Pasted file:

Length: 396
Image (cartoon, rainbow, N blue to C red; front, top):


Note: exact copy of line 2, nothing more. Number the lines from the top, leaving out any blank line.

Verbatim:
Image (cartoon, rainbow, N blue to C red; front, top):